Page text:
I know this one, because I have spent far too many years looking at the giants in my life through the eyes of a grasshopper.   I am learning the key to overcoming fear – we have to develop clearer vision.  We have to look through eyes of faith.

First we have to have a clearer vision of our God.  When I feel the enemy pressing me, I turn to Psalm 18 where I am reminded that God is “my Strength, my Rock, my Fortress, my Deliverer, my Refuge, and my Shield.” (vs. 1-2)  He is a MIGHTY GOD! His power is beyond comprehension.  Psalm 66:3 says “So great is Your power that Your enemies cringe before you.”  When I recognize the truth that the power of God exceeds the power of any enemy force or circumstance, I can rest my heart – and mind in Him. He is also my Protector and Defender.  No enemy dares approach me with the Lord on guard. David said in Psalm 20:7, “Some trust in chariots and some in horses, but we trust in the name of the Lord our God.”  The enemy trembles and flees at the name of the Lord.  Learn His Name and use it!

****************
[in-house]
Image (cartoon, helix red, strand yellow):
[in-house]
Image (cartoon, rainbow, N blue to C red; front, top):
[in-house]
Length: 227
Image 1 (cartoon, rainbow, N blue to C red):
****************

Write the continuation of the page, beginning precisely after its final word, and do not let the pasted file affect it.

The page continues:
We also need to have a clearer vision of our giants.    The giants you and I fear loom so large and terrifying to us, but how do they compare to our God?  David certainly had the right perspective.  In the famous battle of David and Goliath, the enemy towered over the Israelites at over nine feet tall with massive armor and weapons. (1 Samuel 17:4-7).  Day after day, he taunted the Israelite army,